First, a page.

Lana Del Rey. Photo by Nick Stroil.
Beyonce recently captured the world’s attention with her performance at Coachella, but songwriters may want to take note of a more low-key music festival moment that took place a few weeks prior.
At the Lollapalooza festival in Sao Paolo, Brazil, Lana Del Rey performed her song “Get Free” as part of her encore. In a seemingly offhand comment after the song finished, she said, “Now that my lawsuit’s over, I guess I can sing that song any time I want, right?”
The disagreement in question – the very existence of a lawsuit is disputed – hinged on the similarities between “Get Free” and Radiohead’s 1993 hit “Creep.” The murky state of the lawsuit, or possibly dispute, or possibly disagreement, goes to show how complicated intellectual property laws can become, especially when applied to music.
In January, Del Rey claimed that Radiohead’s lawyers demanded 100 percent of the publishing rights to “Get Free,” an astounding figure if true. In a tweet, she claimed she had offered 40 percent but that the offer had been rejected. Radiohead’s publisher, Warner/Chappell, issued a statement in response confirming ongoing copyright negotiations, but denying that any formal lawsuit had been filed or that it had rejected a 40 percent offer.
Musical copyright is complicated by the fact that most pop songs involve two separate forms of intellectual property: the recording and the musical work itself. The sound recording copyright is usually the business of record labels, while publishers are concerned with composition copyrights. No one is accusing Del Rey of sampling Radiohead’s recording without permission, so the dispute here hinges on the published musical composition alone.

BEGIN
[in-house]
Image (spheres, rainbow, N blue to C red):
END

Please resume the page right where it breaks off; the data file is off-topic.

Because the parties’ accounts of the disagreement vary significantly and the public does not have access to the private negotiations involved, much of the writing about the dispute is speculation. According to Radiohead’s publisher, Del Rey’s song uses “musical elements” found in “Creep,” a phrase which likely refers at least in part to the chord progression used in its chorus. Because chord progressions are so commonly duplicated, they can’t be copyrighted outright – but a melody based on them can, which is where “Get Free” may have crossed a line. As musicologist Dan Bogosian told Vulture, “… the verses of ‘Get Free’ sound more like Radiohead’s ‘Creep’ than Prince’s cover of ‘Creep.’”
It is no secret that pop music can sometimes be formulaic. The Axis of Awesome had a viral YouTube hit several years ago with “4 Chords,” a six-minute demonstration of the prevalence of a popular chord progression; earlier, comedian Rob Paravonian used Pachelbel’s Canon in D to make much the same point. But the question of how much overlap is too much is not especially funny to the performers, songwriters and publishing companies involved in disputes like this one.
Del Rey said outright that she was not inspired by “Creep,” but intent alone does not matter in copyright law, as George Harrison discovered when he “subconsciously” plagiarized an earlier hit by the Chiffons. Ironically, “Creep” triggered a copyright infringement suit for Radiohead years earlier, in the other direction. Songwriters Albert Hammond and Mike Hazelwood, who wrote the 1974 tune “The Air I Breathe,” obtained an undisclosed percentage of publishing rights and royalties for “Creep” in an out-of-court settlement. While it is not yet known if the songwriters of “Creep” will eventually get credit and royalties for “Get Free,” Hazelwood’s estate and Hammond could both potentially benefit if so.